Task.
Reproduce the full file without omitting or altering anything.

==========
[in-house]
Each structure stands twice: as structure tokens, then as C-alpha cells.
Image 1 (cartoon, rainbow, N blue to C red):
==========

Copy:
[in-house]
Each structure stands twice: as structure tokens, then as C-alpha cells.
Image 1 (cartoon, rainbow, N blue to C red):